Gamification is one of the biggest trends in the events industry, so don’t miss the opportunity to make social media part of your game plan.

At the start of each session, remind your guests to use your hashtag. Then simply add some incentives or prizes, such as free tickets to a social event or local attraction. If your event includes an expo, get your vendors involved, too. They’ll love the extra attention at their stand or stall.

Some of your attendees may be shy or uncertain about what to post, especially if they’re trying a new platform. Give them a few ideas by prominently displaying a feed of recent social media posts in your common areas.

If you’re livestreaming your event to a wider audience, displaying your remote viewers’ questions and comments will help everyone feel like they’re part of the action.

Maintain Your Image

Social media is a powerful tool for attendee engagement. It gives you an efficient way to answer any questions and address concerns, and enables your fans and followers to easily spread the word about your event.

But your event is part of your brand, and the integrity of that brand is something you’re responsible for. You can’t control what your attendees say about your brand on social media, but you can help present the right image by keeping your tone positive and helpful, and escalating any unresolved issues to your real-world support people.

You can also encourage delegates to feature your brand more prominently by allowing plenty of time for photos and ensuring you’ve got props and signage on hand. This is especially important for high profile and high security events, where controlling your brand messaging is even more mission critical.

Year-round Engagement

There’s no reason why your social media plan should end when your event does, especially if you’ll be inviting everyone back again next year. In fact, there are documented benefits of maintaining year-round social media activities, with one case study showing a 236% increase in click-throughs while growing to double their followers on Twitter, triple on Facebook, and Quadruple on LinkedIn.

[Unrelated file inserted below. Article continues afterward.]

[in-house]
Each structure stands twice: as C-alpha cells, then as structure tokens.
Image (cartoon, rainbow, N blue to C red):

Social media offers the perfect channel for engagement from the planning stage through to post event follow-up and planning for next year. If you’re stuck for ideas on how to continue the conversation, here are a few to get you started:

  • Relive the highlights from this year’s conference
  • Pubish good news stories from your attendees
  • Seek feedback on your event
  • Release after-event information, such as slides and videos
  • Ask which topics and speakers they’d like next year
  • Run a “Where are they now?” series featuring your previous speakers.

Of course, there are infinitely many ways you can engage with your attendees on social media to generate a connected energy they’ll bring to your next meeting or conference.

For more ideas on building year-round engagement for a more successful event, talk to one of our EventsAIR consultants or check out our videos.